The holiday roadways are expected to be crowded this Thanksgiving. According to Marie Dodds with AAA Oregon says about 16% of the population of the United States will hit the roads and airways next week. That adds up to one of the busiest holiday weeks on record.
“This year’s expected to be the third busiest ever for thanksgiving travel only behind 2005 and 2019.”
Nearly 800,000 of those on the road will be Oregonians. Dodds says of all the travelers about 89% will be on the roads despite the high gas prices which are the highest on record for thanksgiving. She says gas prices have never stopped travel on this particular week. Travelers will seek other ways to cut travel costs.
“those who need to cut down on expenses will do it in other ways such as limiting dining out and shopping and looking for more budget friendly choices in accommodations and other choices.”
She says the most popular regional destinations for Oregonians are Bend, Seattle, and Lincoln City while others are planning trips to Anaheim, Maui and Las Vegas. Travel is expected to be heaviest on Tuesday and Wednesday and on Sunday. Gas prices are continuing to drop, despite high crude prices. Locally the average price for a gallon of regular gas is $4.41 a gallon.
Landfill Waste Reduction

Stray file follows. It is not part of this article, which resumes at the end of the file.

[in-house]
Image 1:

A six-week campaign aimed at reducing the amount of waste that heads for the landfill is underway. According to Daniel Hiestand with the Lane County Solid Waste Management Division, American households generate 23-percent more waste in December than in other months. An equivalent of that increase would be 28,716 Boeing 747s. Hiestand would like people to redefine how they celebrate the holidays on focus on things that truly make them happy. Maybe, he says, it’s fewer material goods and spending time with friends and family, or it can be giving meaningful gifts that respect natural resources. He says you can participate by following along on the WasteWise Lane County Facebook page.
Humane Society Storytime
This Saturday the Oregon Coast Humane Society will present a special children’s story hour at 1pm at the shelter on Rhododendron Drive. Florence author and Illustrator Joan Arlin Hibbs will read from her new children’s book, “The Puppy Who Wanted to Fly.” Hibbs donated copies of the book for the OCHS to sell during the event. Hibbs also donated a piece of art that will be auctioned off on New Year’s Eve. OCHS Executive Director Elizabeth Thompson says Joan’s generosity in honor of her pet Sweetie is a testament for the love she has for animals. Copies of the book can be purchased for $10 at the event and all proceeds will go to the OCHS.